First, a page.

Public safety secretary confirms MCI-Framingham to close

Prisoners at state facility for women to be moved to Norfolk

GOV. CHARLIE BAKER’S public safety secretary confirmed on Tuesday that MCI-Framingham, the oldest women’s penitentiary in the country, will be shuttered and prisoners eventually relocated to the Bay State Correctional Center in Norfolk.

The disclosure by Thomas Turco, at a hearing of the House Committee on Bonding, Capital Expenditures and State Assets, comes after months of questions from advocates, attorneys, and prisoners about plans for the aging facility and where the state would relocate inmates if the prison were closed. 

Turco said it would take about $35 million to set up a new women’s prison at Bay State, a former men’s prison that currently houses Department of Correction administrative offices. That figure is significantly less than the $60 to $80 million projected as necessary to repair MCI-Framingham, which Turco described as “crumbling.”  

Turco said state Reps. Christine Barber, Kay Khan, and Ruth Balser encouraged the public safety agency to look at Bay State Correctional Center as an alternative to Framingham 

Legislative approval will be needed for any capital spending on a new facility, according to Turco, who was asked about this by committee chair Antonio Cabral of New Bedford.  

Built in 1877, the Framingham prison has had to close several sections of the facility in recent years due to aging infrastructure that isn’t up to state standards, according to a June 2019 report filed by a Department of Public Health inspector. 

“We spent several million dollars trying to get the cottages up and running, and every time and we found another obstacle which required additional work, Turco said of the housing units at Framingham.  

The state has already begun the process of selecting a firm to design a new women’s prison. Last month, a state selection board narrowed the field for the $600,000 project to three architecture or design firms, all of which claim expertise in building prisons for women. A group called Families for Justice as Healing, made up of former prisoners and current prisoners’ families, felt the selection process was moving too swiftly, and had interrupted the January board meeting where the decision was made. A public meeting on the topic slated for earlier this month was canceled.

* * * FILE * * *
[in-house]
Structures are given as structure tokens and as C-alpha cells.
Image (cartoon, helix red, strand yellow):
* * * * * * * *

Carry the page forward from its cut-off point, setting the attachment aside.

After earlier denying it was vacating the Framingham women’s prison, the Department of Correction acknowledged in December that it was looking to hire design firms to determine whether the Bay State Correction Center and facility adjacent to the Framingham prison, the South Middlesex Correctional Centercould be rebuilt to accommodate the MCI-Framingham inmates.  

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Sarah Betancourt

Reporter, CommonWealth

About Sarah Betancourt

Sarah Betancourt is a bilingual journalist reporting across New England. Prior to joining Commonwealth, Sarah was a reporter for The Associated Press in Boston, and a correspondent with The Boston Globe and The Guardian. She has written about immigration, social justice, and health policy for outlets like NBC, The Boston Institute for Nonprofit Journalism, and the New York Law Journal. Sarah has reported stories such as a national look at teacher shortages, how databases are used by police departments to procure information on immigrants, and uncovered the spread of an infectious disease in children at a family detention center. She has covered the State House, local and national politics, crime and general assignment.

Sarah received a 2018 Investigative Reporters and Editors Award for her role in the ProPublica/NPR story, “They Got Hurt at Work and Then They Got Deported,” which explored how Florida employers and insurance companies were getting out of paying workers compensation benefits by using a state law to ensure injured undocumented workers were arrested or deported. Sarah attended Emerson College for a Bachelor’s Degree in Political Communication, and Columbia University for a fellowship and Master’s degree with the Stabile Center for Investigative Journalism.

About Sarah Betancourt

Sarah Betancourt is a bilingual journalist reporting across New England. Prior to joining Commonwealth, Sarah was a reporter for The Associated Press in Boston, and a correspondent with The Boston Globe and The Guardian. She has written about immigration, social justice, and health policy for outlets like NBC, The Boston Institute for Nonprofit Journalism, and the New York Law Journal. Sarah has reported stories such as a national look at teacher shortages, how databases are used by police departments to procure information on immigrants, and uncovered the spread of an infectious disease in children at a family detention center. She has covered the State House, local and national politics, crime and general assignment.

Sarah received a 2018 Investigative Reporters and Editors Award for her role in the ProPublica/NPR story, “They Got Hurt at Work and Then They Got Deported,” which explored how Florida employers and insurance companies were getting out of paying workers compensation benefits by using a state law to ensure injured undocumented workers were arrested or deported. Sarah attended Emerson College for a Bachelor’s Degree in Political Communication, and Columbia University for a fellowship and Master’s degree with the Stabile Center for Investigative Journalism.

The Executive Office of Public Safety now says it is focusing only on Bay State as a future facility for female inmates. 

Turco said the number of women at the Framingham facility has dropped from about 500 four years ago to between 180 and 200 today. The state has moved some inmates from the prison to county facilities because of deteriorating conditions at FraminghamOver 100 female inmates are currently housed at the South Bay House of Correction in Boston